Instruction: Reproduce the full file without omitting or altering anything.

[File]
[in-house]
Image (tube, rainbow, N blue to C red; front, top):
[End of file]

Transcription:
[in-house]
Image (tube, rainbow, N blue to C red; front, top):